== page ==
The first of those obstacles is the lack of control over the marketplace. A key variable for platform models is the level of control over the user interactions. For instance, platforms can filter users’ participation to avoid bad user experiences. Or they can design the matching algorithm in ways that increase the quality of the matches. In essence, they exercise some form of control over supply and demand in order to optimize outcomes. This control comes in handy for Uber or Ola when, for example, there is a surge of demand somewhere. They can apply surge pricing to bring additional drivers in or to drive some users away, restoring supply/demand equilibrium and creating a consistent experience. But Namma Yatri cannot do that, as its matching is done by ONDC. Again, remember that with ONDC you are in a bar looking for a match with just the tiniest help.


The second obstacle is the lack of integrated services in the platform. For a user, there is a level of convenience in using platform services that are necessary when using it. Think about payments, for example. You do not need to pay the Uber driver directly, your reimbursements are done immediately and you can even avail yourself to some credit if necessary. All of that is provided by Uber. On Namma Yatri instead, driver and user settle payments directly through UPI. How big of a pain is that? It depends. There might be services that are very convenient for users and that will not be offered by Namma Yatri. On the other hand, the growth and increasing sophistication of UPI render this difference quite less relevant. In other words, Namma Yatri can build a replica of Uber complementary services by plugging other offers (payments, lending, e-commerce, etc.) from the same ONDC network. Is it as seamless as Uber’s bundle? No, but the difference might not be large enough to matter.

Public digital platforms are the future?

What does all this say about business models, particularly, customer aggregation platforms, built on public digital infrastructure? Well, for starters, digital public infrastructure seems to wipe out profits in whichever businesses it is applied. UPI made it impossible to make money on payments and now ONDC seems to make it impossible to make money on ride-hailing. Why? Because that public digital infrastructure is open and free, thus lowering entry barriers to almost zero. For example, if Google Pay or PhonePe try to charge you for a UPI transaction not only they will run afoul of regulations, but they will open the door to another company immediately setting up shop and offering UPI payments at zero charge, with massive switching of customers to the new company. Therefore, for ride-hailing on ONDC, much like for UPI payments, the customer acquisition is on the public digital platform but the profit is somewhere else. So Namma Yatri will have to eventually build a bundle of services for its users that will include some elements that have an actual profit margin. After all, it is not a coincidence that the company behind Namma Yatri is Juspay, a fintech that is building its own bundle of payments, mobility and more.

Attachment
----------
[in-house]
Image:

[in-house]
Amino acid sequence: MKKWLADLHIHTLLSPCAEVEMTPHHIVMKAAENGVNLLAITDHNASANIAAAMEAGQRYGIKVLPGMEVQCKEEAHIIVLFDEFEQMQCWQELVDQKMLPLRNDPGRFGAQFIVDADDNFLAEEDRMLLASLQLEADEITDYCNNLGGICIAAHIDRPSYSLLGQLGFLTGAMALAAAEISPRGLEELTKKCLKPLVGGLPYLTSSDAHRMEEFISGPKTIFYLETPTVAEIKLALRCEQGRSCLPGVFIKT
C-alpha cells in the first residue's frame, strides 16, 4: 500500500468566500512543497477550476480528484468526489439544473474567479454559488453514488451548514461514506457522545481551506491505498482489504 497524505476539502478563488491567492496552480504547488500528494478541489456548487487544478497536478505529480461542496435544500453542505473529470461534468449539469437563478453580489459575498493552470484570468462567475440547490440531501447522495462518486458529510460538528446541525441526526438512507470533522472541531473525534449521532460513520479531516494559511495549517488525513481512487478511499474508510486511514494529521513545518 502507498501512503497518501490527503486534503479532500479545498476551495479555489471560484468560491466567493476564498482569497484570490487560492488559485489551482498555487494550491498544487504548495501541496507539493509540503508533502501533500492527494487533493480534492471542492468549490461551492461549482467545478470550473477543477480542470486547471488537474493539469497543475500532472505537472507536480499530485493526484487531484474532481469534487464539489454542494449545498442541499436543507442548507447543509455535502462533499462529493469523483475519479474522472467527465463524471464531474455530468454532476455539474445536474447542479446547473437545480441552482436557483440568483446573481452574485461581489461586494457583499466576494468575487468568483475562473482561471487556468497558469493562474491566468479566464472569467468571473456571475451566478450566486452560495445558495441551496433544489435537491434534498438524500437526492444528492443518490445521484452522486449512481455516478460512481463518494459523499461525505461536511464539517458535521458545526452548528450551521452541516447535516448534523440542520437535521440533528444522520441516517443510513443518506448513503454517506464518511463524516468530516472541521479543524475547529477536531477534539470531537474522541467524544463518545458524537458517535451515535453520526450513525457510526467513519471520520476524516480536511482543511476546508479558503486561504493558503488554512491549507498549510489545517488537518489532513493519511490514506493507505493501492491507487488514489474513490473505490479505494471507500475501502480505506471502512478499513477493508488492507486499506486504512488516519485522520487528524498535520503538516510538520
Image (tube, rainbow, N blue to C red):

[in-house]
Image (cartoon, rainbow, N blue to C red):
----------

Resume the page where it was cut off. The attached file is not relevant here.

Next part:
And what about Uber and Ola? They will have to evolve too, as the companies using open connecting infrastructure like ONDC will constantly stop them from monetizing their mobility platform. They too will have to build a bundle where the money comes from somewhere else (Ola now sells now electric scooters and Uber has is betting on quick commerce).


Who is the winner on all of this? It seems that the customer is, no? We are getting efficiently-matched cheap rides, zero-cost payments and 10-minute grocery deliveries. Is this too good to be true? A superb article by Praveen Gopal Krishnan at The Ken (subscription required) makes the case that all this zero-profit games created by government-owned public infrastructure ultimately disincentivize companies to innovate and compete, so there is a long-term downside there waiting for us. But that is a big (and super-interesting) topic for another occasion.